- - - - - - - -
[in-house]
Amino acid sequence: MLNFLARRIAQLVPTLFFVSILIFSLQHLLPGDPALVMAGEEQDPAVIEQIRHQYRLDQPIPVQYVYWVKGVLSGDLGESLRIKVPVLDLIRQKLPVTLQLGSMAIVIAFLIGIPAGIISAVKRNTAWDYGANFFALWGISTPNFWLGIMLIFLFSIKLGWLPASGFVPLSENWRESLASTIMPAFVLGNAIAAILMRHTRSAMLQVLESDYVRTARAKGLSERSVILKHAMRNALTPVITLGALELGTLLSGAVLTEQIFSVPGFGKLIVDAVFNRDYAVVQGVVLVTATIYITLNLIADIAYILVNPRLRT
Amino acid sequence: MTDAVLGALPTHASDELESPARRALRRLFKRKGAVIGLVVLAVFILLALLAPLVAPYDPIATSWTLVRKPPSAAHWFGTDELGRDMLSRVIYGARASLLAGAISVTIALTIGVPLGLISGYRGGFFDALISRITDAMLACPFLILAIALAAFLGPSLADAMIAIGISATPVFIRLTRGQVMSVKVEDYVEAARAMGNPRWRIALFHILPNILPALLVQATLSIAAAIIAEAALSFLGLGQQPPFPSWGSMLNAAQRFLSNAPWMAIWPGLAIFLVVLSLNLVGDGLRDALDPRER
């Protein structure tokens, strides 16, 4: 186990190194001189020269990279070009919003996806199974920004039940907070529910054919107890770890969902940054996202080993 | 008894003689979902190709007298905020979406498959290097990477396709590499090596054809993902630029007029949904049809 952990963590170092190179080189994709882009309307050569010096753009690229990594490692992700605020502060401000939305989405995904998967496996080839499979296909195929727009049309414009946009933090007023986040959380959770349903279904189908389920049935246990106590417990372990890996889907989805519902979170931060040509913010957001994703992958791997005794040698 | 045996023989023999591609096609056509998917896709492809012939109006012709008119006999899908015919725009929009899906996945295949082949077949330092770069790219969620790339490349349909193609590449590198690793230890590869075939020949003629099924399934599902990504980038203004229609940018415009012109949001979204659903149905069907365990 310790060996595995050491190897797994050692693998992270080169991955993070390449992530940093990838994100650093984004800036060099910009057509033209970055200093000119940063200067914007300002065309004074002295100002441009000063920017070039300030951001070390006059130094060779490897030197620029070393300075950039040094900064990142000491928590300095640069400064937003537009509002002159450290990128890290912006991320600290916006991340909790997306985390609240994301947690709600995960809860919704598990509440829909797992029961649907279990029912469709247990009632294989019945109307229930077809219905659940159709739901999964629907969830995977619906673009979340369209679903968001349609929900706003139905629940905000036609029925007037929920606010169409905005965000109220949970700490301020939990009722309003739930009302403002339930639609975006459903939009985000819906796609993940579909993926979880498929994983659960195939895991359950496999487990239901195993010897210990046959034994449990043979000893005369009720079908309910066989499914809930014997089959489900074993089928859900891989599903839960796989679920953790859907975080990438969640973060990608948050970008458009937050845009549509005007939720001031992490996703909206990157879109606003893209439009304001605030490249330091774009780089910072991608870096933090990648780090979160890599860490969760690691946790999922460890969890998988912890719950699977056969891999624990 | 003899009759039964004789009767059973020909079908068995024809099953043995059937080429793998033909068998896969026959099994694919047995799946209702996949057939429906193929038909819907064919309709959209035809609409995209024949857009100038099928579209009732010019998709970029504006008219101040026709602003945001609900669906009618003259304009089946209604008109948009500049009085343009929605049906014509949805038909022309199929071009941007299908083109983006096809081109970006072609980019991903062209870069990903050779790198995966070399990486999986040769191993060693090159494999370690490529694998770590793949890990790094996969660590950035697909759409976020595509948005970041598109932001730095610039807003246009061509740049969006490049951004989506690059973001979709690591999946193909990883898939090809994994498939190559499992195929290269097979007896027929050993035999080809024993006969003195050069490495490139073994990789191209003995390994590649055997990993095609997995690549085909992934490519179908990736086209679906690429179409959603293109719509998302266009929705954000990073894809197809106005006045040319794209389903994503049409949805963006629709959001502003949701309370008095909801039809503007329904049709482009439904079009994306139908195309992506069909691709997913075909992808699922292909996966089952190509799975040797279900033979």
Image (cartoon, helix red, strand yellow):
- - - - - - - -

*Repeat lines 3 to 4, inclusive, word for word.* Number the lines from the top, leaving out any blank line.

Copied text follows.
Amino acid sequence: MTDAVLGALPTHASDELESPARRALRRLFKRKGAVIGLVVLAVFILLALLAPLVAPYDPIATSWTLVRKPPSAAHWFGTDELGRDMLSRVIYGARASLLAGAISVTIALTIGVPLGLISGYRGGFFDALISRITDAMLACPFLILAIALAAFLGPSLADAMIAIGISATPVFIRLTRGQVMSVKVEDYVEAARAMGNPRWRIALFHILPNILPALLVQATLSIAAAIIAEAALSFLGLGQQPPFPSWGSMLNAAQRFLSNAPWMAIWPGLAIFLVVLSLNLVGDGLRDALDPRER
């Protein structure tokens, strides 16, 4: 186990190194001189020269990279070009919003996806199974920004039940907070529910054919107890770890969902940054996202080993 | 008894003689979902190709007298905020979406498959290097990477396709590499090596054809993902630029007029949904049809 952990963590170092190179080189994709882009309307050569010096753009690229990594490692992700605020502060401000939305989405995904998967496996080839499979296909195929727009049309414009946009933090007023986040959380959770349903279904189908389920049935246990106590417990372990890996889907989805519902979170931060040509913010957001994703992958791997005794040698 | 045996023989023999591609096609056509998917896709492809012939109006012709008119006999899908015919725009929009899906996945295949082949077949330092770069790219969620790339490349349909193609590449590198690793230890590869075939020949003629099924399934599902990504980038203004229609940018415009012109949001979204659903149905069907365990 310790060996595995050491190897797994050692693998992270080169991955993070390449992530940093990838994100650093984004800036060099910009057509033209970055200093000119940063200067914007300002065309004074002295100002441009000063920017070039300030951001070390006059130094060779490897030197620029070393300075950039040094900064990142000491928590300095640069400064937003537009509002002159450290990128890290912006991320600290916006991340909790997306985390609240994301947690709600995960809860919704598990509440829909797992029961649907279990029912469709247990009632294989019945109307229930077809219905659940159709739901999964629907969830995977619906673009979340369209679903968001349609929900706003139905629940905000036609029925007037929920606010169409905005965000109220949970700490301020939990009722309003739930009302403002339930639609975006459903939009985000819906796609993940579909993926979880498929994983659960195939895991359950496999487990239901195993010897210990046959034994449990043979000893005369009720079908309910066989499914809930014997089959489900074993089928859900891989599903839960796989679920953790859907975080990438969640973060990608948050970008458009937050845009549509005007939720001031992490996703909206990157879109606003893209439009304001605030490249330091774009780089910072991608870096933090990648780090979160890599860490969760690691946790999922460890969890998988912890719950699977056969891999624990 | 003899009759039964004789009767059973020909079908068995024809099953043995059937080429793998033909068998896969026959099994694919047995799946209702996949057939429906193929038909819907064919309709959209035809609409995209024949857009100038099928579209009732010019998709970029504006008219101040026709602003945001609900669906009618003259304009089946209604008109948009500049009085343009929605049906014509949805038909022309199929071009941007299908083109983006096809081109970006072609980019991903062209870069990903050779790198995966070399990486999986040769191993060693090159494999370690490529694998770590793949890990790094996969660590950035697909759409976020595509948005970041598109932001730095610039807003246009061509740049969006490049951004989506690059973001979709690591999946193909990883898939090809994994498939190559499992195929290269097979007896027929050993035999080809024993006969003195050069490495490139073994990789191209003995390994590649055997990993095609997995690549085909992934490519179908990736086209679906690429179409959603293109719509998302266009929705954000990073894809197809106005006045040319794209389903994503049409949805963006629709959001502003949701309370008095909801039809503007329904049709482009439904079009994306139908195309992506069909691709997913075909992808699922292909996966089952190509799975040797279900033979």